All the World’s a Stage
My sister Wanjiru was sick all night. She writhed and moaned in her bed, the sound of her pain bringing tears to my eyes. At first light, we started treking towards Nyeri Town hoping to hail a ride along the way. It was very cold and Wanjiru was weak. She leaned heavily on my support and it was exhausting. Often we stopped so she could catch her breathe, before proceeding.
"My stomach hurts," she cried and clutched her belly.
"It’s because you worry too much," I said, trying to be strong for her. "Worry causes acid accumulation in the belly. You are too young to worry. Wait until you get kids."
She managed a sad smile. "I think it’s more than acid Wangechi."
I was seven months pregnant on a home stretch to delivering my baby. My swollen belly and an expanding uterus had rearranged my organs and were adding more strain to my body. I tried to hide my fatigue from my sick sister but eventually we both collapsed on the side of the road and succumbed to exhaustion.
"Are we going to the Sisters' hospital?" Wanjiru asked between gasps. The grass was wet with dew, and soaked our clothes.
"Yes," I said, breathing hard. "It’s the nearest hospital."
She must have seen something on my face. I saw her sit up straight then pause. I felt the question coming.
"What happened to your dream of being a Sister Wangechi?"
"Martin happened," I said. “Men.”
Our eyes met briefly and we burst out laughing. It felt good and pumped new life in us.
"I always wanted to be a Sister," I said on a serious note. "Ever since I met Sister Elizabeth in the conventry, I dreamt of being like her - a Sister who could swing a rifle, kill a lion and pray all day. She was beautiful."
"Is it possible to become one after having a baby?"
"I don't know Wanjiru. That is something I would like to know."
She seemed to be in deep thought and so I waited. Her frown uncreased and her eyes slowly lit up.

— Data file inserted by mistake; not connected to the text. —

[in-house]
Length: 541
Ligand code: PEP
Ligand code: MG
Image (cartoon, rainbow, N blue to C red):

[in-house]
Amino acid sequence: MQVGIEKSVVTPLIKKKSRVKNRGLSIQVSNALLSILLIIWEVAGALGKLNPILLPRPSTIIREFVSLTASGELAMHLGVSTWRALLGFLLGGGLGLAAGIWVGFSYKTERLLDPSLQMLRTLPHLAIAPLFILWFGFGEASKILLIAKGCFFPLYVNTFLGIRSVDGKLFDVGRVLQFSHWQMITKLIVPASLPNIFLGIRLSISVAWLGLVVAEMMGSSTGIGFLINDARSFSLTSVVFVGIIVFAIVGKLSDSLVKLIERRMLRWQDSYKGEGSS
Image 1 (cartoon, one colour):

“Wangechi,” she said. “I want you and Martin to be happy if that’s even possible. I would like to see you in your home with a husband and child, you know, like a regular family. I know that’s what you want and … you shouldn’t give up on that. But… but also, if there’s a part of you that still wants to be a Sister, then that’s something you should think about. Your faith in God is very strong.”
“Thanks Wanjiru,” I said smiling, although I felt more confused by her conflicting advice. I couldn’t be a wife and a Sister at the same time. Something had to give.
An old truck suddenly came around a bend and stopped next to us. I could tell the tires were uneven and the body was rusted and in need of a good paint job. A young man with a youthful beard rolled down the driver’s window and popped his head out. "Are you ladies going to town? Are you having a baby?"
I smiled and saw myself in his eyes; fat and pregnant. "No, but my sister is very sick."
"I'm going to town," the young man said. "I can drop you off at the hospital." He put the car on park, and jumped out to help us in.
We got in the back seat of the truck and thanked him many times; the kindness of a stranger lighting up our lives. The villages in the mountains were close to each other and we were like one community. It was expected of him to stop and enquire of us, otherwise his truck would be marked and people would say bad things about him. It would embarrass his family and that was a shame no man wanted to bring home.